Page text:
“My culture keeps me fighting for equal rights and justice for all people. I love our resilience.”

Wallis Berry


“Black American heritage is one of resilience and triumph despite the discriminatory events that have attempted to permanently oppress certain groups of people.” -Tommy Davis

Honoring the Generations That Came Before

team member stories_website_0003_TamekaHarmon“[One of my greatest influences was] my mom. She was such a strong, independent soul. She taught me so many amazing values, but [mostly to] be true to who you are and let no one make you feel any less. She would always say, ‘There are good people in this world and there are bad people in this world, which one are you going to be?’ I truly miss her.”

Tameka Harmon


“My uncle, Fred Carr, who’s a retired teacher from Hempstead High School in Long Island [had a significant influence]. My uncle had a sixth grade education but [went on to] graduate from Tuskegee University. What made me really proud of him was when he received an achievement award from the NAACP. Our family was there to see him receive it… I’ll never forget. My grandmother, Mrs. Julia Jackson, was one of the strongest minded, educated, disciplined and spiritual women to grace this earth. [She] was a nurse at Ft. Benning, Georgia and a housekeeper. She instilled in us great values… [and] respect for others, but most of all love for mankind. She was definitely our hero.” -Alfreda Carr

team member stories_website_0002_Tewuayana Haire

“My grandparents had the greatest influence in my life. I enjoyed sitting around listening to them talk about how they picked cotton from sunup to sundown. They would talk about how they had to walk miles and miles to get where they needed to go. They talked about the hard life and times they had but the conversation would always end with, ‘Keep your head up and keep God first and everything will work out in life.’ ”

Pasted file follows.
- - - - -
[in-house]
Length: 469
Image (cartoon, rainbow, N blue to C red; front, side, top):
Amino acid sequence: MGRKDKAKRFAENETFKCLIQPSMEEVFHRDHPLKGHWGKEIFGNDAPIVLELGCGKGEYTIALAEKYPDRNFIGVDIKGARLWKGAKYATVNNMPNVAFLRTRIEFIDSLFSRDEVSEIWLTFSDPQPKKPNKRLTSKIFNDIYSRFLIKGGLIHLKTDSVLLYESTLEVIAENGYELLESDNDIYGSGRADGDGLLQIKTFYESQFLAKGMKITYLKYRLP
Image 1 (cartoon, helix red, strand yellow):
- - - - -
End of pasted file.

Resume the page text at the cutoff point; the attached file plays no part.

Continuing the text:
Tewuayana Haire


team member stories_website_0010_CharlenePinckney“My father has been the greatest role model for me.  Despite his third-grade education, he became a supervisor in his company, achieving many awards. He made sure all five of his children attended college and his joy and love for all is an inspiration. At 80, he is still very active in his church and community.”

Charlene Pinckney


Leaving a Legacy 

team member stories_website_0001_Tommy Davis“I believe in seeing people as individuals as opposed to groups.  This allows a person to identify opportunities for making social connections.  Experiences differ, and thus, communication can tell the story better than assumptions.”

Tommy Davis


“Every year in February, I observe Black history with my team. We share our thoughts, ideas, and stories about the history. I also plan a luncheon where they chose certain foods that our ancestors shared and we still eat today.” -Alfreda Carr

“There is still a lot of work to do, but I do believe that if other cultures would try and learn about African-American culture and see how we are not truly considered equals in this country, things would start to progress. But there is still systemic racism, systemic imprisonment, and systemic cultural issues in America. White America has to take some kind of responsibility for past history in regards to slavery. ” -Tameka Harmon